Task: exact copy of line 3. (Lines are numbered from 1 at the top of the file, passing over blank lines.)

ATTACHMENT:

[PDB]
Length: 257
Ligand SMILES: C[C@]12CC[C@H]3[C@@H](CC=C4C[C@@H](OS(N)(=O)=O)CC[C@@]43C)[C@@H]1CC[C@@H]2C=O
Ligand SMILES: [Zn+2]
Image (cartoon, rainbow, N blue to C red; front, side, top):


Ligand SMILES: C[C@]12CC[C@H]3[C@@H](CC=C4C[C@@H](OS(N)(=O)=O)CC[C@@]43C)[C@@H]1CC[C@@H]2C=O